Peyote stitch is a common and very popular bead-weaving technique. Like many of these traditional techniques, its precise origins and history is a mystery. As far as I know, the oldest sample of beadwork that looks like Peyote stitch, is Ancient Egyptian. Peyote stitch is perhaps most commonly associated with Native American Indian beadwork. It’s name, pronounced ‘Pay-o-tee’, is Native American and it is traditionally associated with objects made for religious purposes. Native Americans refer to the same stitch as ‘Gourd stitch’ when it has been used for non-religious objects.
In practical terms, Peyote stitch is recognisable by its ‘up bead’, ‘down bead’ pattern. Different teachers will refer to this in different terms: perhaps ‘teeth’ as the pattern is rather like the teeth of a zipper, or ‘turrets’ as it can also resemble the turrets on a castle. The terminology is simply there to help you understand the stitch and thread path, so if you can remember it more easily in a different way, then that’s fine.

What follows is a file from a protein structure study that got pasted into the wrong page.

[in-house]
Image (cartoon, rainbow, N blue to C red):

Like most other bead-weaving techniques, Peyote stitch comes in a variety of different forms. The basic Peyote stitch is a flat strip that can be stitched in ‘odd count’ or ‘even count’. This refers to the number of beads you use to start the stitch. If you begin with an even number of beads, you will be following the simplest form of the technique with a nice easy turn around at the end of each row. If you begin with an odd number of beads, the turnaround becomes a little more complicated. Any strip of peyote stitch starts with a string of beads. These will form the first two rows of your beadwork. This confuses people until they come to understand that the ‘up’ and ‘down’ bead pattern of Peyote stitch defines how the rows are perceived. A single row is formed of the beads that are sticking up, so in reality, this appears to be every other bead. You achieve this pattern by starting with your initial string of beads, then adding a new bead between every other bead in the string. So, if you pick up a new bead and pass your needle back through the last but one bead in your string, this will pull that bead upwards a little and the new bead will force the ‘last bead’ from your string to sit downwards, creating the turret pattern that you can see in the photo. You can of course add patterns to your peyote stitch strip.